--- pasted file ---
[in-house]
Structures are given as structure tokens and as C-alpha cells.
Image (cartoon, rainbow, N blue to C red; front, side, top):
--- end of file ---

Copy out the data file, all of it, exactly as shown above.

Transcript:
[in-house]
Structures are given as structure tokens and as C-alpha cells.
Image (cartoon, rainbow, N blue to C red; front, side, top):